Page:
I'm a bit confused with checkpoint_segments definition in PostgreSQL documentation. What happens when checkpoint_segments reached?

  1. The dirty pages in shared_buffers written to WAL. Then what is the usage of background writer?
  2. WAL is merged to actual data files.

1 Answer 1


Combing through the docs, I see the following (accidental incorrect details will hopefully (or surely) be pointed out by others):

There is a separate server process called the background writer, whose function is to issue writes of "dirty" (new or modified) shared buffers.

BW does its work according to its config parameters. It writes at most bgwriter_lru_maxpages dirty shared buffers, then has a bgwriter_delay millisecond rest. Now, when it comes to checkpoint_segments log segments (or checkpoint_timeout seconds, if it comes first), it flushes all (remaining) dirty segments to data files. Now the database data has a consistent state on disk, with a corresponding entry in the log as well. It is a good starting point for a subsequent REDO if necessary.

And who does make the checkpoints?

The server's background writer process automatically performs a checkpoint [...]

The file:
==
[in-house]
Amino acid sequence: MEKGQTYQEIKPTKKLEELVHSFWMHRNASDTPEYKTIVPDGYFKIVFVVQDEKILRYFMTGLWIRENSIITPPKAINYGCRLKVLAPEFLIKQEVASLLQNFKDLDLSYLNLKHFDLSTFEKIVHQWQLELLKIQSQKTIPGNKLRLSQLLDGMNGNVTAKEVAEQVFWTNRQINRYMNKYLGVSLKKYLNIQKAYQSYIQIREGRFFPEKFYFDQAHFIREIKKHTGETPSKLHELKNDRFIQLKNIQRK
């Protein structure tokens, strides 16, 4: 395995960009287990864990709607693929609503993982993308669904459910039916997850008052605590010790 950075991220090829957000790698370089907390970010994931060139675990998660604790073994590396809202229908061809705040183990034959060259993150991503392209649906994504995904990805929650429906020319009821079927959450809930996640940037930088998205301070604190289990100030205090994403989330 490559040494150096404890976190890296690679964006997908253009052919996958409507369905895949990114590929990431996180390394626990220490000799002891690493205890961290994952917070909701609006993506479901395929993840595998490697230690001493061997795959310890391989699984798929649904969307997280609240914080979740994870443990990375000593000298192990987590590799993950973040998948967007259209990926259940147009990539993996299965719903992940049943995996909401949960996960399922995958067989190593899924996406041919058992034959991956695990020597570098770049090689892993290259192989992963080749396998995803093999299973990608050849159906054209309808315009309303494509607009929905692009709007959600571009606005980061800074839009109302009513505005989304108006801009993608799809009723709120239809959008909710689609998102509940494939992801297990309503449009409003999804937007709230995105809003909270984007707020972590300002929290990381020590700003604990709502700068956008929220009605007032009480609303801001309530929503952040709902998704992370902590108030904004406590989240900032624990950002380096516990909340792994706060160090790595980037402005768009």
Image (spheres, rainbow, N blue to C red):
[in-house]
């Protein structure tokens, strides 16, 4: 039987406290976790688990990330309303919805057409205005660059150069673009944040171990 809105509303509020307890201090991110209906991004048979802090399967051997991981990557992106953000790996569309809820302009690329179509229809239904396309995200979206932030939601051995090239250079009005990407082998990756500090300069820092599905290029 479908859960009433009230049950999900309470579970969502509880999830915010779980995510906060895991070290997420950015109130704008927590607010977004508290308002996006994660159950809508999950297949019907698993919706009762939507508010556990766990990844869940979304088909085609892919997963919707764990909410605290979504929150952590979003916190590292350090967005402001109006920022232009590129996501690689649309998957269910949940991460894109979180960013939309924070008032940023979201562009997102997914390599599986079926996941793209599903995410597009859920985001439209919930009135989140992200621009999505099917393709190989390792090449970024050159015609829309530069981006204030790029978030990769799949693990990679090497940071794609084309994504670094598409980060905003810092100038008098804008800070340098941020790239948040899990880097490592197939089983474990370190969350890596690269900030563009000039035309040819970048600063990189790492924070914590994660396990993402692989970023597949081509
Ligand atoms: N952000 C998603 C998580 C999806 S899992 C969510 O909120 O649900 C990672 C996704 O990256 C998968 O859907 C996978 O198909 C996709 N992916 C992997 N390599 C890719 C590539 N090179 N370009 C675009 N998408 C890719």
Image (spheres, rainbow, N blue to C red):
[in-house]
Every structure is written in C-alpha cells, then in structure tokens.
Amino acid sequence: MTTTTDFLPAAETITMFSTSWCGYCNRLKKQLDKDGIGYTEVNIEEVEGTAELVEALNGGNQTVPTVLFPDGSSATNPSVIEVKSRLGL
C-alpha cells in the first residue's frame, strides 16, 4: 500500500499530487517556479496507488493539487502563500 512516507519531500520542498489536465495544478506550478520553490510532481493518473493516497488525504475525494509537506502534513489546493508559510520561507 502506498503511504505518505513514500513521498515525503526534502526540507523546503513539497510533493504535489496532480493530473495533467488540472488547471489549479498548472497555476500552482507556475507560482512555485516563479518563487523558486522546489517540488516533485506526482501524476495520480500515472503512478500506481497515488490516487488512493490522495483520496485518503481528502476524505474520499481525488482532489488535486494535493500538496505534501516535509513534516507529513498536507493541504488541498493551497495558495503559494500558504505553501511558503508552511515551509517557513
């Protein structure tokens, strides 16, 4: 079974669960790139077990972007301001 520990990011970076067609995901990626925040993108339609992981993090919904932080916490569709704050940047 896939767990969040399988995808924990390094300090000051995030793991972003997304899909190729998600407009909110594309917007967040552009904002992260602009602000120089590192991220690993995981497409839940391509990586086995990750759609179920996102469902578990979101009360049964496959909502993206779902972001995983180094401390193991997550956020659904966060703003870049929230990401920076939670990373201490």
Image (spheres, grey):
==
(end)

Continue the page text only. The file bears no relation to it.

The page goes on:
As for your 2nd point, WAL is WAL (stored in log segment files) and data files are data files. The two will be consistent with each other but not merged.

  • So bgwriter writes updates from shared bufferes to WAL and when checkpoint_segments reaches it flushes WAL files to main data files? right? Commented May 29, 2012 at 10:37
  • @MajidAzimi - Briefly, WAL's central concept is that changes to data files (where tables and indexes reside) must be written only after those changes have been logged, that is, after log records describing the changes have been flushed to permanent storage. (source) In other words, WAL shows what data files should contain, but never the affected rows themselves. Commented May 29, 2012 at 11:01

Your Answer

By clicking “Post Your Answer”, you agree to our terms of service and acknowledge you have read our privacy policy.

Not the answer you're looking for? Browse other questions tagged or ask your own question.